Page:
Gamification: over the last few years, you might have heard and read this word several times on social media, magazines and TV. All of this aside, do we fully understand its possible meaning?
Gucci and FACEIT have now joined forces to debut the Gucci Gaming Academy, a new programme designed to support the development of up-and-coming gaming talent and help accelerate their career path
In the fashion industry, gamification refers to integrating features of video gaming. Its mechanics are integrated into the business processes, such as fashion shows, campaigns, or shopping experiences.
Multi-platform game Afterworld: The Age of Tomorrow as a deep dive into Balenciaga Fall 2021 collection
Technology is the critical element of strategic marketing and promotes a more sustainable transformation in the fashion industry: it is a new tool to encourage pro-environmental behaviour.
How can gamification become a new tool to encourage environmentally friendly behaviour in fashion?
Games and apps are now embracing principles of sustainability. The best learning is often achieved by having fun because it comes with positive emotions.
Probably that’s why this industry is thriving! Games interface with shoppers, especially digitally native as Gen Z and millennials.
Let’s crack some numbers
2021: global gaming industry revenues reached 180.3$ billion.
(Source: Video game market revenue worldwide in 2021, by segment_ Statista 2022)
2022: 3.24 billion active gamers, 1.48 billion across Asia, 666 million players in China.
(Sources: Number of video gamers worldwide in 2021, by region_ Statista 2022; Gaming in China_ Statista 2022)
In September 2021, luxury fashion house Balenciaga announced a collaboration with Fortnite
What do video games have to do with fashion? They are becoming a ready-to-wear playground!
The fashion industry has always been able to thrive and evolve based on its surroundings. The exponential growth of the video-gaming industry and its related graphic software have undoubtedly influenced the visual aesthetics of in-game outfits. This effect became a fundamental element for video gamers, as they could create avatars of themselves and dress up as desired.
Over the last three years, I had the opportunity to enter the gaming industry, collaborating with NetEase Games (Shenzhen, China) on different projects, such as Onmyoji and Harry Potter: The Magic Awakens. The goal was to achieve the characters’ best fashion look in line with their role, settings, current fashion trends and releasing target markets.
For instance, Harry Potter is a 20-year franchise. To successfully introduce this to younger players, it takes a combination of new elements, such as current trends, without losing the integrity of its heritage.
Can video games, luxury brands and sustainability go together? Just consider branded avatars as immaterial revivals of existing products
Fashion is a worldwide language, just like gaming.
In 2012, fashion magazine Arena Homme+ featured the cast of Final Fantasy XIII-2 (ed. the worldwide renowned video game) in Prada's S/S 2012 men's collection for the franchise’s 25th anniversary.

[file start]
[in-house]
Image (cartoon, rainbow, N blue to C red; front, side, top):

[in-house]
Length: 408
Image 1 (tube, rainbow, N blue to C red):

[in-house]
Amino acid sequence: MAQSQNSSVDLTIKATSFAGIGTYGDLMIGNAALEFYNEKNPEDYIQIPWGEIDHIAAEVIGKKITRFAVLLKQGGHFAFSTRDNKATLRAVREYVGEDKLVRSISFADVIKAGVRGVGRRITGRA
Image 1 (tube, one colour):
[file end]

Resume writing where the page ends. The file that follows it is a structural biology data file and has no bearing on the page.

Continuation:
In 2015, Moschino presented a collection to celebrate Super Mario Bros. 30th anniversary.
Then the character Lightning from Final Fantasy modelled for Louis Vuitton S/S 2016 campaign.
These examples are classic videogame characters brought into the fashion industry—an immaterial revival of an existing product.
Pandemic: a worldwide booster for gamification
Since 2020, gamification has become a very successful tool for fashion.
Balenciaga created a videogame, Age of Tomorrow, to showcase their Fall 2021 collection.
Moncler joined forces with Fortnite, offering players the opportunity to purchase the brand’s classic bundle.
In November 2021, Fortnite developer Epic Games launched new Moncler attire inspired by the brand's collection with 1017 Alyx 9SM
Gucci created items that can be purchased and “worn” just on the Roblox platform, and some were sold out in a few hours.
I think the fashion wonderland presented by gaming is enough to persuade end consumers and affect their behaviour with a twofold effect. On the one hand, they are oriented towards Do-It-Yourself cross-dressing experiments to mimic their heroes and match their digital partners. On the other hand, we have what we may call ‘digital visual saturation’, which should lead to the opposite effect. The gratification players get from a super-coolly dressed avatar should satisfy their desire to consume in the real world.
It might take us at least five to ten years to drastically change how we buy. In this transaction, clothing could become a (virtual) commodity due to our digital dependency, reducing consumerism and pollution for a more sustainable future.
Besides the increasing alienation of us video gamers, an urgent question arises: if digital clothing becomes the new Emperor’s clothes, what will we be wearing in the real world?